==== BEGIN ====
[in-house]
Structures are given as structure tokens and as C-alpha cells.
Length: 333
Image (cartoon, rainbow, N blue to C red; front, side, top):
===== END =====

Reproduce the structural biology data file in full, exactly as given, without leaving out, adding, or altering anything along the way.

[in-house]
Structures are given as structure tokens and as C-alpha cells.
Length: 333
Image (cartoon, rainbow, N blue to C red; front, side, top):